The light at the end of a long, dark tunnel
As the burgeoning Recovery Advocacy movement continues to gain momentum much in the same way the HIV/AIDS epidemic, (thank you, Dr. Chris Harrison) harnessed the resources necessary to turn its tide, we see some light at the end of a very long, dark tunnel.
Something happened to me on the way to my own recovery advocacy. The something that happened was the insidious realization that I can–I must–take responsibility for my own well being. Addiction happened, but not altogether apart from my activities initiating and promoting it. Just the same way, wellness happens–in large part because of my activities initiating and promoting it. As a result, I have become my own best health advocate and what addiction recovery is all about.
The Recovery Advocacy movement is coming into full articulation and practice all around our nation. Legions of people led by folks like the above quoted, William White, (listen to his interview with me here) and his film producing and talented protégé, Greg Williams who released the critically acclaimed, The Anonymous People are showing up and telling the truth about recovery in increasingly more effective ways.
The light at the end of the tunnel is revealing the connection between just how important it is to align addiction recovery with a wellness lifestyle. The days of the old-timer at AA admonishing the newcomer to just, “Don’t drink and go to meetings” as he chews on a glazed doughnut between cigarette breaks and has nearly gnawed through the arm of his chair in repressed anger, are somewhere back in that dark tunnel. Addiction treatment is slowly but surely becoming a crystal clear mirror for health advocacy and an exemplary model for what healthcare is becoming.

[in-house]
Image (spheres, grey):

Recovery Advocacy | Health Advocacy
Recovery advocacy comes into its fullness when people learn how to be their own best health advocate.
Here is another quote before its time from the father of the New Recovery Advocacy Movement, William White, written 10 years ago in 2004:
“Recovery management will shift the focus of treatment from acute stabilization to support for long-term recovery maintenance. Professionally-directed recovery management, like management of other chronic health disorders, shifts the focus of care from one of admit, treat, and discharge to a sustained health management partnership. This means that the traditional discharge process will be replaced with post-stabilization monitoring (recovery check-ups), stage appropriate recovery education, recovery coaching, active linkage to communities of recovery, recovery community resource development, and, when needed, early re-intervention. Rather than cycling individuals through multiple self-contained episodes of acute treatment, recovery management provides an expanded array of recovery support services for a much greater length of time but at a much lower level of intensity and cost per service episode.”
An Idea Whose Time Has Arrived
Long-term recovery equals long-term wellness. Teaching people how…is how
Just substitute the word “health” for the word “recovery” in the above paragraph and it’s pretty clear we in the recovery community are blazing a much needed trail for the direction of healthcare’s bright future.
To me, there is no difference between people getting recycled back and forth, admitted and discharged, in and out of this nation’s current sick care system and the old guard way we approached addiction treatment. In a culture that is just now learning and teaching people how to become their own, best health advocates, addiction treatment is poised to champion the leadership as each of us give the nod to be the change we want to see in the world.
Now, when focusing on recovery/robust health and not just symptom suppression, we’ve learned what’s necessary to sustain it. And truly, just one day at a time.
People will ask me, “Herby, do I need to stop drinking for the rest of my life?” My answer is always the same, “I have no idea, because we cannot possibly have the rest of our lives…today. What we can have is today.” The same holds true for getting and staying well. Will I need to take care of myself for the rest of my life? Again, I’ll just focus on today.
Here’s to that, “sustained health management partnership” and enjoying sustained sobriety and good health through sustained, “wellbriety.”